I should explain that committal to a Grand Committee means that the Committee Stage of a Bill is not taken in the Chamber on the floor of the House and that the detailed line by line consideration of the Bill takes place in a Lords’ Committee Room (usually the Moses Room – so named after the rather magnificent picture in it of Moses handing down the tablets of the law).  Procedurally, it also means that there can be no votes on amendments during the Committee Stage and the Grand Committee procedure is usually only used for comparatively non-controversial or highly technical Bills.


However, the Welfare Reform Bill is hardly uncontroversial.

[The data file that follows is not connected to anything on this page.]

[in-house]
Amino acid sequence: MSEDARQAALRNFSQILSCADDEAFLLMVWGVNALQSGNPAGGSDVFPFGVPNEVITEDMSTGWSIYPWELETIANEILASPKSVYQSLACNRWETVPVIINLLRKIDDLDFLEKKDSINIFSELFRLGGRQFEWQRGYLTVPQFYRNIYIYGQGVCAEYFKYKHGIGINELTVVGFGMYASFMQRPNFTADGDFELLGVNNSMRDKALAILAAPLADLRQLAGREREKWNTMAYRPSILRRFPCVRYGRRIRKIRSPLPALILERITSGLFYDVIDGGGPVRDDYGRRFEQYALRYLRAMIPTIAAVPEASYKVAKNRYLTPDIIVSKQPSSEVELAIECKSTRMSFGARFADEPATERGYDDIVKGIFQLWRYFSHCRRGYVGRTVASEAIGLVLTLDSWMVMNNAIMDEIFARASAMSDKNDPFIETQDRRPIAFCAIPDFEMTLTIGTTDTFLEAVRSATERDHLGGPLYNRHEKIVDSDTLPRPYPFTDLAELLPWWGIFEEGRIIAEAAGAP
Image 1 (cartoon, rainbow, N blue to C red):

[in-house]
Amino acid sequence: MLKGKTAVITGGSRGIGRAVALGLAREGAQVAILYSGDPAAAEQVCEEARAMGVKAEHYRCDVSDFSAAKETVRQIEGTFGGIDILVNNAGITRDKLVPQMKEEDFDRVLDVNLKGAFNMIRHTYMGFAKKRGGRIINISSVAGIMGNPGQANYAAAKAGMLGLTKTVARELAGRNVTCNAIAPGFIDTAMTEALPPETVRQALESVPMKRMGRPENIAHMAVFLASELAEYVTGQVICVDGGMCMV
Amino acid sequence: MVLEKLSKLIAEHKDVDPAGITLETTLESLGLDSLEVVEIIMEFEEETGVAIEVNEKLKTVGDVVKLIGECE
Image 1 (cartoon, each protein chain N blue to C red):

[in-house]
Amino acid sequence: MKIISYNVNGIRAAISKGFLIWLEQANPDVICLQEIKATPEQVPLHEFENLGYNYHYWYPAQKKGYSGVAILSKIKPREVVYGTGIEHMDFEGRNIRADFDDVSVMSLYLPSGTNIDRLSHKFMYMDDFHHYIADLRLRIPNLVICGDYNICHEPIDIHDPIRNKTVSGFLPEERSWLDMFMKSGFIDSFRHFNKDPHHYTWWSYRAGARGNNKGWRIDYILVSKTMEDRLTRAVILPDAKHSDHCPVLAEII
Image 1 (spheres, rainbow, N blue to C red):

And Grand Committee proceedings are less high profile than sessions in the Chamber of the Lords.

But there is an equally important access point as Baroness Campbell of Surbiton, herself a wheelchair user, pointed out:

“My Lords, normally I would not come in on the next day after participating in a very lengthy and big debate the night before. I generally need 24 hours at home to recover. However, this morning I was woken by several phone calls from disabled people who told me of this proposal and urged me to come in to speak to you. I feel compelled to be here. I am deeply concerned at the noble Lord’s proposal. I had understood that the technical parts of the Bill would happen outside the Chamber—and we can live with that. However, the new proposal that takes us completely away from the Chamber unfortunately makes it tremendously difficult to have access, not just for disabled Peers to participate effectively—it is much easier in here—but for disabled people who are following this debate online or on the TV and who come here to brief us. It will be almost impossible for them to do this. Yes, a few can come into the room, but it will be more difficult.